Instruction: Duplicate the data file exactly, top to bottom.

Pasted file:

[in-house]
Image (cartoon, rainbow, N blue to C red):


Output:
[in-house]
Image (cartoon, rainbow, N blue to C red):